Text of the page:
LISBON - Columbiana County commissioners have officially received an annexation request that would result in the relocation of an East Palestine auto dealership to the annexed area.
Commissioners on Wednesday accepted the annexation petition filed with them by East Palestine Municipal Manager Gary Clark, which seeks to annex into the village 10.7 acres located in Unity Township.
The application was filed on behalf of Tom Brittain of Brittain Motors, which is located in downtown East Palestine. Brittain intends to relocate his Chevrolet dealership to property he owns at the intersection of state Route 14 and North Market Street, a move being required by General Motors.
In January, East Palestine council passed legislation to obtain funding to help cover the estimated $310,000 cost of extending village water and sewer service to the property, but it must be annexed first before that can occur.
The application was filed as a expedited type 2 annexation, which means the township trustees have no objection and it has the approval of all affected property owners: Brittain, Mark and Cynthia Powers, Anthony and Mary Ann Rich and the Imperial Heights Co., a Brittain-owned company.
The annexation filing came a week after East Palestine Councilman Don Elzer hosted a public meeting to inquire if any residents living in the vicinity of the annexed area wished to have their property included in the application. The meeting generated little interest among property owners, so the application submitted by Clark focused on the original annexation plan.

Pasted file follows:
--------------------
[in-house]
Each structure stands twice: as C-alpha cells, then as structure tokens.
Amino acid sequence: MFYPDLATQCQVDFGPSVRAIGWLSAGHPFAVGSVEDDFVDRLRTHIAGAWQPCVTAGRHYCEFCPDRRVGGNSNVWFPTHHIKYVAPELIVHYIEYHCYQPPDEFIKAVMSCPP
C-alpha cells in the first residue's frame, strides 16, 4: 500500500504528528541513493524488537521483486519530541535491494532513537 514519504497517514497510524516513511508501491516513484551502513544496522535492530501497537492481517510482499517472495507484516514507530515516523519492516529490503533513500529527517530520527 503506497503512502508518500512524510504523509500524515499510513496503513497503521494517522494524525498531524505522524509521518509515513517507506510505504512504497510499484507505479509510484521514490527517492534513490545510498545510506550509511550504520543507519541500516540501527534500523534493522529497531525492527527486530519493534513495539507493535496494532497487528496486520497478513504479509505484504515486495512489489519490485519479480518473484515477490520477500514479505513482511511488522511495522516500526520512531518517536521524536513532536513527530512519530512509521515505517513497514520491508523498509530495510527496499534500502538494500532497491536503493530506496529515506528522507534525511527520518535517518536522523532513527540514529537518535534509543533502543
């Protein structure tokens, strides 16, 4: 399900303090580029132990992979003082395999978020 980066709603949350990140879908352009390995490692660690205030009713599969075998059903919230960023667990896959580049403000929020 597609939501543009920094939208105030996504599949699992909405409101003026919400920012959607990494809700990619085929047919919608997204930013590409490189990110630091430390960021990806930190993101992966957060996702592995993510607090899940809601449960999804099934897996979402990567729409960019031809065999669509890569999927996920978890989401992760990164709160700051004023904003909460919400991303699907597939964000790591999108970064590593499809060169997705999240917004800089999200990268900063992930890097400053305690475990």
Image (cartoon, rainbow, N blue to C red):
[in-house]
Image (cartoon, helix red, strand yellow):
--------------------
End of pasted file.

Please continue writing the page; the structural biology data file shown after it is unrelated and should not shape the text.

The annexation will automatically be approved by commissioners if and when the application is found to be in full compliance with the law. The earliest commissioners can act is about a month, depending on how quick village council approves the necessary resolution committing to provide utilities to the annexed area.
In other business, commissioners created a health insurance fund for the county health district in the auditor's office because the health department is planning to opt out of the county's employee health insurance plan and obtain its own coverage.
"We've haven't had the board confirm a plan just yet, but I expect them to do so at their March meeting," Health Commissioner Wes Vins said, when contacted after the meeting.
The news comes one week after the county engineer's office also decided to leave the county plan because of increased costs commissioners are passing onto employees and offices. County Engineer Bert Dawson said the change would save him an estimated $150,000 and prove cheaper for his employees.
"We have been exploring some health insurance options for our staff since last fall," Vins said. "We've gotten something for the board to act on but we needed to set up the fund to get the paperwork started."